Ten-month-old Joshua is one of hundreds of children admitted to hospital each year after being burned by hair straighteners.
He was injured by straighteners that fell off a table and on to his arm. They had just been turned off but were still extremely hot.
UK burns units say one in 20 of all admissions for children's burns last year involved hair straighteners.
They are warning parents to be extra careful, according to BBC.
Figures from the international burns injury database show there were 392 child admissions to specialist units in the UK in 2015 for injuries that involved hair straighteners.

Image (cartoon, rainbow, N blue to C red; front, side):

And charity Electrical Safety First says the majority of incidents occur when toddlers touch, grab or tread on hot hair straightener plates.
It says hair straighteners and curling irons can reach temperatures of 235C and can stay hot for up to 40 minutes after being switched off.
Emma Apter from Electrical Safety First, said: "Parents have to juggle many tasks in the morning and while we don't want to add to that list, it is vital that hair straighteners are kept out of reach of small hands and feet.
"We are urging manufacturers to play their part in protecting consumers by providing safe storage for their products."
Paul Fuller, of the Children's Burns Trust, warned that children are at greater risk of burns as their skin can be 15 times thinner than that of adults.
He added: "A burn or scald at this age could need years of repeated surgery as the child grows, because scarred tissue does not grow with them."